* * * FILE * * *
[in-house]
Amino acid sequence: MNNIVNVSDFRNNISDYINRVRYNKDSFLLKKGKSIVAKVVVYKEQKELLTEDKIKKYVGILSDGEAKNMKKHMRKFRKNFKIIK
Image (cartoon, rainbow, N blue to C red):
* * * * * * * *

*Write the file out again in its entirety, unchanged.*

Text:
[in-house]
Amino acid sequence: MNNIVNVSDFRNNISDYINRVRYNKDSFLLKKGKSIVAKVVVYKEQKELLTEDKIKKYVGILSDGEAKNMKKHMRKFRKNFKIIK
Image (cartoon, rainbow, N blue to C red):